Finding ‘Anomalies’ Illustrates 2020 Census Quality Checks Are Working
We’re in the midst of data processing for the 2020 Census. As Acting Census Bureau Director Ron Jarmin acknowledged in a recent blog, we’ve discovered some “anomalies” along the way that we’re looking into and resolving.


Random Samplings Blog
Adaptación de las operaciones de campo para enfrentar desafíos sin precedentes
La oficina del Censo de los EE. UU. compartió información en una publicación de blog el 1 de marzo de 2021, acerca de cómo la realización de un censo es una tarea enorme, incluso en circunstancias ideales.


Random Samplings Blog
Adapting Field Operations to Meet Unprecedented Challenges
As we process census responses and analyze the quality of the 2020 Census, it’s helpful to look back at some of the unprecedented challenges we faced during this census.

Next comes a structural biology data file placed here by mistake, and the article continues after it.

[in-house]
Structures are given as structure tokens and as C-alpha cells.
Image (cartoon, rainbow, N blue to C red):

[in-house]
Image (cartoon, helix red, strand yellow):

Random Samplings Blog
Ensuring a Robust and Accurate Data Quality Analysis in the 2020 Census
Asking outside experts to review our work is standard operating procedure at the U.S. Census Bureau. It underscores our commitment to quality and transparency.


Random Samplings Blog
Timeline for Releasing Redistricting Data
We expect to deliver the redistricting data to the states and the public by Sept. 30, 2021.


Random Samplings Blog
Census Data Processing 101
Michael Thieme describes how census data processing works to ensure the census is accurate.


Directors Blog
2020 Census Processing Updates
I’m writing to provide an update on data processing for the 2020 Census.


Random Samplings Blog
Update on 2020 Census Data Processing and Quality
The Census Bureau has begun processing the data collected for the 2020 Census. Data collection for the decennial census is always a herculean task and 2020 was no exception.

Top

Back to Header